- Kamali A, Quigley M, Nakiyingi J, Kinsman J, Kengeya-Kayondo J, Gopal R, Ojwiya A, Hughes P, Carpenter LM, Whitworth J: Syndromic management of sexually-transmitted infections and behaviour change interventions on transmission of HIV-1 in rural Uganda: a community randomised trial. Lancet. 2003, 361: 645-652. 10.1016/S0140-6736(03)12598-6View ArticlePubMedGoogle Scholar
- Wawer MJ, Sewankambo NK, Serwadda D, Quinn TC, Paxton LA, Kiwanuka N, Wabwire-Mangen F, Li C, Lutalo T, Nalugoda F, Gaydos CA, Moulton LH, Meehan MO, Ahmed S, Gray RH: Control of sexually transmitted diseases for AIDS prevention in Uganda: a randomised community trial. Rakai Project Study Group. Lancet. 1999, 353: 525-535. 10.1016/S0140-6736(98)06439-3View ArticlePubMedGoogle Scholar
- White RG, Orroth KK, Korenromp EL, Bakker R, Wambura M, Sewankambo NK, Gray RH, Kamali A, Whitworth JA, Grosskurth H, Habbema JD, Hayes RJ: Can population differences explain the contrasting results of the Mwanza, Rakai, and Masaka HIV/sexually transmitted disease intervention trials?: A modeling study. J Acquir Immune Defic Syndr. 2004, 37: 1500-1513. 10.1097/01.qai.0000127062.94627.31View ArticlePubMedGoogle Scholar
- Orroth KK, White RG, Korenromp EL, Bakker R, Changalucha J, Habbema JD, Hayes RJ: Empirical observations underestimate the proportion of human immunodeficiency virus infections attributable to sexually transmitted diseases in the Mwanza and Rakai sexually transmitted disease treatment trials: Simulation results. Sex Transm Dis. 2006, 33: 536-544. 10.1097/01.olq.0000204667.11192.71View ArticlePubMedGoogle Scholar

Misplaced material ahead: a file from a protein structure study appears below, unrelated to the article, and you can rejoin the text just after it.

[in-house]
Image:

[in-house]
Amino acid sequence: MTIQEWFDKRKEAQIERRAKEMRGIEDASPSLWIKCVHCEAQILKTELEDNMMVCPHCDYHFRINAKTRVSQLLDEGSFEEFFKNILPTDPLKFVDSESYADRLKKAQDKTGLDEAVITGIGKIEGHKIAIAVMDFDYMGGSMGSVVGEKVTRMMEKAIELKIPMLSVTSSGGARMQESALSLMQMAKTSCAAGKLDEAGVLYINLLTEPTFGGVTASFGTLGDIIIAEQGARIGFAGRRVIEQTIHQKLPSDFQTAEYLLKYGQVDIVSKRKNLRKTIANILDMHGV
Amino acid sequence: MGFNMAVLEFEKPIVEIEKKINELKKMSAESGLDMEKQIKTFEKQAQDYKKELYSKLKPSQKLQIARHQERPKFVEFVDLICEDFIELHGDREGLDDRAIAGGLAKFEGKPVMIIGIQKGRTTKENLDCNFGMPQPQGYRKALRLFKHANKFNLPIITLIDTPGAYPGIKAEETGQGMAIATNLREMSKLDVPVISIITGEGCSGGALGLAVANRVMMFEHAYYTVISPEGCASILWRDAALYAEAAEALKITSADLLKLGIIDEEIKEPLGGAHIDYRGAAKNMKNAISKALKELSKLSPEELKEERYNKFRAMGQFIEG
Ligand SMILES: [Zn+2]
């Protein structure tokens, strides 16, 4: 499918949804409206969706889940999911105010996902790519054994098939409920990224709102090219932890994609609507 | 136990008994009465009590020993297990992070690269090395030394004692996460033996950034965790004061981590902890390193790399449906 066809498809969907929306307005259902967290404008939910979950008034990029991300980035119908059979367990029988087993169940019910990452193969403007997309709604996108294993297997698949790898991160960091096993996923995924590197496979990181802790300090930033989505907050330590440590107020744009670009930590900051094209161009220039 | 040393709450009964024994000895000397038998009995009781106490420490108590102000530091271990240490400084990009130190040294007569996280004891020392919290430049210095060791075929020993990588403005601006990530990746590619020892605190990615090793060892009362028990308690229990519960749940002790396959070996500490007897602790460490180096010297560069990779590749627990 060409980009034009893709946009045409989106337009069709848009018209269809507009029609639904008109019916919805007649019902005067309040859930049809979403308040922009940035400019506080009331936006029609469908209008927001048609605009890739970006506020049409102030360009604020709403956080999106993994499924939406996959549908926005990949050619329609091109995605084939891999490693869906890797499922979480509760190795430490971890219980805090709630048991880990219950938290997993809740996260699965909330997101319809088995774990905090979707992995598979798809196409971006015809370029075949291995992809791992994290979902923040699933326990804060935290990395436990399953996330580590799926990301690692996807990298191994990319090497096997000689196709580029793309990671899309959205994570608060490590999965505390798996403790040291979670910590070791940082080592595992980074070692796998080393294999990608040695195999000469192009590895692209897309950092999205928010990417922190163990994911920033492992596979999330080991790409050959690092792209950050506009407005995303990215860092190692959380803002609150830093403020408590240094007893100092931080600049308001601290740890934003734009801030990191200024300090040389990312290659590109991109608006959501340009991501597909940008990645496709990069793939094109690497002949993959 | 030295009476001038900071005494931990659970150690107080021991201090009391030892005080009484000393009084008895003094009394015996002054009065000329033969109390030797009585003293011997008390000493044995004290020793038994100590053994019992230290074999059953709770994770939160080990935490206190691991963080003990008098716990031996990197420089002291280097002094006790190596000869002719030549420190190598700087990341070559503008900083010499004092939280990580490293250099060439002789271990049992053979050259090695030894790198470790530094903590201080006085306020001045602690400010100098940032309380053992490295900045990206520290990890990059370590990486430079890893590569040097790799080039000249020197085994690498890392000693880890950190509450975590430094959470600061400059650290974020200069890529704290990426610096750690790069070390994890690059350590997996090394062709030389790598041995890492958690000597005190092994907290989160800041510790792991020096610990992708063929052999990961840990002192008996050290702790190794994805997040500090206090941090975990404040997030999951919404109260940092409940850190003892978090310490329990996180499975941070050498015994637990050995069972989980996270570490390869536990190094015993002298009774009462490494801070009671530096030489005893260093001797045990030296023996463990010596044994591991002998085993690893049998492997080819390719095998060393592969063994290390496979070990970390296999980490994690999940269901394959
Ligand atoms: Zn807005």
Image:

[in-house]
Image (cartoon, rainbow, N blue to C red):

- Korenromp EL, White RG, Orroth KK, Bakker R, Kamali A, Serwadda D, Gray RH, Grosskurth H, Habbema JD, Hayes RJ: Determinants of the impact of sexually transmitted infection treatment on prevention of HIV infection: a synthesis of evidence from the Mwanza, Rakai, and Masaka intervention trials. J Infect Dis. 2005, 191 (Suppl 1): S168-178. 10.1086/425274View ArticlePubMedGoogle Scholar
- Grosskurth H, Gray R, Hayes R, Mabey D, Wawer M: Control of sexually transmitted diseases for HIV-1 prevention: understanding the implications of the Mwanza and Rakai trials. Lancet. 2000, 355: 1981-1987. 10.1016/S0140-6736(00)02336-9View ArticlePubMedGoogle Scholar
- DHS: Zimbabwe 2005–2006 Demographic and Health Surveys.Google Scholar
- DHS: South Africa 1998 Demographic and Health Surveys.Google Scholar
- Mills EJ, Nachega JB, Buchan I, Orbinski J, Attaran A, Singh S, Rachlis B, Wu P, Cooper C, Thabane L, Wilson K, Guyatt GH, Bangsberg DR: Adherence to antiretroviral therapy in sub-Saharan Africa and North America: a meta-analysis. JAMA. 2006, 296: 679-690. 10.1001/jama.296.6.679View ArticlePubMedGoogle Scholar
- Koblin B, Chesney M, Coates T: Effects of a behavioural intervention to reduce acquisition of HIV infection among men who have sex with men: the EXPLORE randomised controlled study. Lancet. 2004, 364: 41-50. 10.1016/S0140-6736(04)16588-4View ArticlePubMedGoogle Scholar
- Corbett EL, Makamure B, Cheung YB, Dauya E, Matambo R, Bandason T, Munyati SS, Mason PR, Butterworth AE, Hayes RJ: HIV incidence during a cluster-randomized trial of two strategies providing voluntary counselling and testing at the workplace, Zimbabwe. Aids. 2007, 21: 483-489. 10.1097/QAD.0b013e3280115402View ArticlePubMedGoogle Scholar